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Licensing of property managers

By Ali Frederickson

The Government is proposing changes to the Residential Tenancies Act. But its list of changes doesn’t include the elephant in the room. Currently, property managers do not have to be licensed to practise. They’re not even obliged to have a trust account. Yes, unbelievable, but true.

Any idiot can set up a property management company today. How scary is that? They should be licensed to a high standard – the same as real estate agents.

Why aren’t the same regulations imposed on property managers as those on real estate agents? Why isn’t there a regulatory body for property managers equivalent to the Real Estate Authority (REA)? Regulation of property managers would tighten up the industry, reform that’s urgently required.

Although I pride myself on being a responsible landlord, you do hear some horror stories about unprofessional property managers and bad landlords who are negligent, discriminating and dishonest – and they should be penalised.

Tenancy Services, an arm of the Ministry of Business, Innovation and Employment, has recently initiated a consultation process that will run from late August until 21 October. They are encouraging landlords, tenants and other interested parties to have their say about the proposed changes to the Act. I plan to have my say and I hope you will too, if you’re a landlord, as I am. Of course I am also the director of a real estate company that employs a team of property managers.

Key changes being proposed by the Government include ending no-cause terminations while ensuring landlords are still able to end tenancies for justifiable reasons. The Government is also proposing to increase the amount of notice a landlord must give tenants to terminate a tenancy from 42 days to 90 days and to limit rent increases to once a year. I have no issue with any of these key changes, they’re fair and reasonable.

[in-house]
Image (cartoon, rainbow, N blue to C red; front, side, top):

The rent doesn’t usually go up until tenants move out. Our records show that the average tenant tends to stay for two years and three months.

I think that the Government’s proposed change to place limitations on the dodgy practices of rent bidding is also an excellent idea. The sooner such unsavoury practices are stamped out, the better. This is an ‘imported’ practice and until now there have been no checks on it. In a tight rental market in a bidding system, the person prepared to pay the highest rent gets tenancy.

At Lochore’s we are strongly opposed to the idea of rent bidding. We advertise a fixed rent. We believe that quality tenants are the key to good tenancy management. And quality properties attract quality tenants. If you have a sub-standard property you’re more likely to attract low-quality tenants. We run a very tight ship and we encourage all our landlord clients to keep their properties up to scratch.

But there’s one proposed Government change that has set my antennae on alert and that’s ‘better equipping tenants and landlords to reach agreement about pets and minor alternations to the home’.

Seriously? As a landlord I’m very clear that I don’t want dogs in any of my rental properties. And there’s nothing that would persuade me otherwise. Landlords must have the right to refuse dogs on their properties. A tribunal shouldn’t be deciding if a tenant can have a dog in my rental property.

I also feel very uneasy about the proposed change that refers to ‘better equipping’ me to ‘reach agreement’ about any so-called ‘minor alterations’ that might be ‘arranged’ with a tenant. Who decides the definition of minor? For example, I don’t want my tenants to take it upon themselves to paint a room in a different colour, or to drill holes into walls to install wall shelves or to do illegal alterations.

What I want is for my tenants to respect the property they have been granted the privilege of renting and not to damage or alter it in any way. If they don’t like the colours of my walls they can go live elsewhere. The property owner must retain control of their property in all respects.

I keep my part of the bargain as a landlord by ensuring that repairs and maintenance are kept up to date and that my properties are compliant with the rules about smoke alarms and the new legislation governing insulation. I’m committed to creating healthier, safer homes for my tenants.

The owner must always have final say in who their tenants are going to be. All tenants should have to be of a certain minimum standard. At Lochore’s we want good tenants for our clients’ investment properties. That’s why we turn down over 76% of the tenancy applications we receive. Landlords need protection from bad tenants.

And, likewise, the property managers working for me at Lochore’s Real Estate do their utmost to attend to repairs and maintenance in a timely and efficient manner on behalf of our clients.

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